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Significance and Use
4.1 The methods in this practice are intended to aid in the assessment of long-term performance by comparative testing of absorptive materials. The results of the methods, however, have not been shown to correlate to actual in-service performance.
4.2 The testing methodology in this practice provides two testing methods, in accordance with .
4.2.1 Method A, which aims at decreasing the time required for evaluation, uses a series of individual tests to simulate various exposure conditions.
4.2.2 Method B utilizes a single test of actual outdoor exposure under conditions simulating thermal stagnation.
4.2.3 Equivalency of the two methods has not yet been established.
1.1 This practice covers a testing methodology for evaluating absorptive materials used in flat plate or concentrating collectors, with concentrating ratios not to exceed five, for solar thermal applications. This practice is not intended to be used for the evaluation of absorptive surfaces that are (1) used in direct contact with, or suspended in, a heat-transfer liquid, (that is, trickle collectors, direct absorption fluids, etc.); (2) used in evacuated collectors; or (3) used in collectors without cover plate(s).
1.2 Test methods included in this practice are property measurement tests and aging tests. Property measurement tests provide for the determination of various properties of absorptive materials, for example, absorptance, emittance, and appearance. Aging tests provide for exposure of absorptive materials to environments that may induce changes in the properties of test specimens. Measuring properties before and after an aging test provides a means of determining the effect of the exposure.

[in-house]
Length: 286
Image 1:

1.3 The assumption is made that solar radiation, elevated temperature, temperature cycles, and moisture are the primary factors that cause degradation of absorptive materials. Aging tests are described for exposure of specimens to these factors.
Note 1: For some geographic locations, other factors, such as salt spray and dust erosion, may be important. They are not evaluated by this practice.
1.4 The values stated in SI units are to be regarded as the standard.
1.5 This standard does not purport to address all of the safety concerns, if any, associated with its use. It is the responsibility of the user of this standard to establish appropriate safety and health practices and determine the applicability of regulatory limitations prior to use.
2. Referenced Documents (purchase separately) The documents listed below are referenced within the subject standard but are not provided as part of the standard.
B537 Practice for Rating of Electroplated Panels Subjected to Atmospheric Exposure
E408 Test Methods for Total Normal Emittance of Surfaces Using Inspection-Meter Techniques
E434 Test Method for Calorimetric Determination of Hemispherical Emittance and the Ratio of Solar Absorptance to Hemispherical Emittance Using Solar Simulation
E772 Terminology of Solar Energy Conversion
E781 Practice for Evaluating Absorptive Solar Receiver Materials When Exposed to Conditions Simulating Stagnation in Solar Collectors With Cover Plates
E903 Test Method for Solar Absorptance, Reflectance, and Transmittance of Materials Using Integrating Spheres
G26 Practice for Operating Light-Exposure Apparatus (Xenon-Arc Type) With and Without Water for Exposure of Nonmetallic Materials (Discontinued 2001)
G90 Practice for Performing Accelerated Outdoor Weathering of Nonmetallic Materials Using Concentrated Natural Sunlight
G151 Practice for Exposing Nonmetallic Materials in Accelerated Test Devices that Use Laboratory Light Sources
G155 Practice for Operating Xenon Arc Light Apparatus for Exposure of Non-Metallic Materials
ICS Number Code 27.160 (Solar energy engineering)
UNSPSC Code 60104701(Solar collecting devices)
|Link to Active (This link will always route to the current Active version of the standard.)|
ASTM E744-07(2015), Standard Practice for Evaluating Solar Absorptive Materials for Thermal Applications, ASTM International, West Conshohocken, PA, 2015, www.astm.orgBack to Top